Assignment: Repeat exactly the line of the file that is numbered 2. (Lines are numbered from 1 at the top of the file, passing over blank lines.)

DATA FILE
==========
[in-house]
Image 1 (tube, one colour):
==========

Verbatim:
Image 1 (tube, one colour):